Richard C. J. Somerville

Articles by Richard C. J. Somerville

13 January 2014
AfricaAmericasAsiaEurope/RussiaMiddle East

Five minutes is too close

Lawrence M. KraussLynn EdenRobert RosnerAlexander GlaserEdward "Rocky" Kolb Leon LedermanRamamurti RajaramanM. V. RamanaElizabeth J. WilsonRichard C. J. SomervilleSivan KarthaJennifer SimsRod Ewing

A careful review of threats leads the Bulletin's Science and Security Board to conclude that the risk of civilization-threatening technological catastrophe remains high, and that the hands of the Doomsday Clock should therefore remain at five minutes to midnight.

14 January 2013

An open letter to President Obama: The time on the Doomsday Clock is five minutes to midnight

Robert SocolowThomas RosenbaumLynn EdenRod EwingAlexander GlaserSivan KarthaEdward "Rocky" Kolb Leon LedermanRamamurti RajaramanM. V. RamanaRobert RosnerJennifer SimsRichard C. J. SomervilleElizabeth J. Wilson

Editor's note: Founded in 1945 by University of Chicago scientists who had helped develop the first atomic weapons in the Manhattan Project, the Bulletin of the Atomic Scientists subsequently created the Doomsday Clock in 1947 using the imagery of apocalypse (midnight) and the contemporary idiom of nuclear explosion (countdown to zero), to convey threats to humanity and the planet.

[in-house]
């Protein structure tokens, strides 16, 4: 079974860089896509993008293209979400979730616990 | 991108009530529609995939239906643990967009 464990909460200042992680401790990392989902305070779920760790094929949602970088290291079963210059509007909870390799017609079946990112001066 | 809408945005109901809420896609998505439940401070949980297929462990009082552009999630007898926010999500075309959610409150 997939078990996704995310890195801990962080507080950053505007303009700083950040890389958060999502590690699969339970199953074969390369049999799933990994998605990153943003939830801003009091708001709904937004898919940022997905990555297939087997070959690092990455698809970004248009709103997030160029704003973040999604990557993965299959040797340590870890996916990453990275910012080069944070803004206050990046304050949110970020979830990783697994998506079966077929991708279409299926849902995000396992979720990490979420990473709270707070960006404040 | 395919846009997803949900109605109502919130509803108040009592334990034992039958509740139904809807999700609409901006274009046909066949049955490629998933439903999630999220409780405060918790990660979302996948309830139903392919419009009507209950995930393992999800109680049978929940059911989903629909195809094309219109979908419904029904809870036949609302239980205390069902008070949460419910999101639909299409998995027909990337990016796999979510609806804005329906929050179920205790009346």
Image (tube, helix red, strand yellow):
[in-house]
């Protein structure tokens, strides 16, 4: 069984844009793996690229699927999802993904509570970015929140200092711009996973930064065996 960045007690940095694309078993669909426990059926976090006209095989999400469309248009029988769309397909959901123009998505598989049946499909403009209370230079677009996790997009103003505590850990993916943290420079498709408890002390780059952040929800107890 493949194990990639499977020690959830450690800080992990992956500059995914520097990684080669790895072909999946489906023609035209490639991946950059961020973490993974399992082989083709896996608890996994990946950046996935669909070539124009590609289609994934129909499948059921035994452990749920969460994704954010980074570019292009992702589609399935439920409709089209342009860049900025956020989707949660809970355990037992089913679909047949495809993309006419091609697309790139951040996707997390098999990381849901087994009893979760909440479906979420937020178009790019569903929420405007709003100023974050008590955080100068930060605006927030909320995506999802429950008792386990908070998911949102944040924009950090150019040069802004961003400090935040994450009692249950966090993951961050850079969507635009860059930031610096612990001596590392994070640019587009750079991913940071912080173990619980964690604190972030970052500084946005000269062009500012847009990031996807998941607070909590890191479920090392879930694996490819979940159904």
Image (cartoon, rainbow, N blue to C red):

13 August 2012

Climate change, irreversibility, and urgency

Richard C. J. Somerville

Climate scientists like to think of themselves as wise planetary physicians, explaining to the world what they have learned about climate and advising humanity on how to cope with the challenge of climate change. This metaphor can also appear attractive to policymakers and the public. Consider the appealing similarities between deciding what you should do about your weight and what the world should do about global warming. You can ask your doctor's opinion, but it is you who will determine your target weight. You can also ask your physician to recommend actions to reach that target.

23 July 2010

The passing of a climate prodigy

Richard C. J. Somerville

A towering figure in climate science, Stephen H. Schneider, 65, died of an apparent heart attack on July 19, 2010, while flying to London from a conference in Stockholm. The loss of Schneider, a professor at Stanford University, deprives the world of both an outstanding researcher and a gifted science communicator. To his colleagues in climate science, Steve, as everybody called him, has long been known as a scientific pioneer and a role model.

7 January 2008

Reflections on the U.N. climate change negotiations in Bali

Richard C. J. Somerville

The Intergovernmental Panel on Climate Change (IPCC), long regarded as the single most trustworthy source of information on climate science, states unequivocally that Earth's climate is warming rapidly and that we're now more than 90 percent certain that human activities have caused most of the observed warming in recent decades. The research behind these findings, published in the IPCC's landmark 2007 report, is rock-solid science.